Asbestos exposure is a danger to human health that can lead to serious diseases including asbestosis, lung cancer and mesothelioma cancer. Exposure is most common in the workplace, but it can happen at home, in a public building or in the military.
Asbestos is a mineral that was used in thousands of domestic, commercial and industrial products.
Occupational exposure is the No. 1 cause of asbestos disease. Occupations in manual labor and skilled trades presented the highest risk of asbestos exposure. Workers in construction, shipyards and factories faced a high likelihood of exposure on the job.
U.S. military veterans were among the most vulnerable of all because of the military’s past reliance on asbestos products, especially on Navy ships.
Asbestos exposure happens when microscopic asbestos fibers become airborne. The fibers are inhaled or ingested by anyone within the vicinity. Fibers can remain airborne for hours, placing anyone nearby in danger.
The body can get rid of some fibers. Unfortunately, many fibers become stuck in tissue such as the lungs.
No level of asbestos exposure is considered safe. But, most problems arise after years of repeated and long-term exposures to the carcinogen.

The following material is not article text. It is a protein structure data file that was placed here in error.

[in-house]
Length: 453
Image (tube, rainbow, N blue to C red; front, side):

The fibers accumulate in human tissue through repeat exposure and cause inflammation and damage. Over time, this damage causes cellular changes that lead to cancer and other diseases. The combination of smoking and asbestos exposure multiplies the hazard, creating a greater risk to health.
Most people are exposed through their occupation. Home and commercial renovation or remodeling is also hazardous because many common building materials already contain asbestos. When asbestos products start to deteriorate or are cut, sanded, drilled or disturbed in any way, microscopic fibers enter the air.
Environmental and secondary exposure to asbestos is rarer, but it still happens regularly. Most everyone in their lifetime has inhaled some quantity of asbestos, but these trace amounts rarely cause health problems.
Asbestos-related disease is 100 percent preventable. That fact motivates me. It should motivate all of us. If we stopped using asbestos, by definition, we could stop asbestos disease.”
– Dr. Ken Takahashi, director of the Asbestos Diseases Research Institute
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Once inhaled or swallowed, the fibers can become trapped in the respiratory or digestive tract. The body can get rid of some asbestos fibers, but many fibers become stuck. The stuck fibers slowly cause inflammation and DNA damage that leads to disease decades later.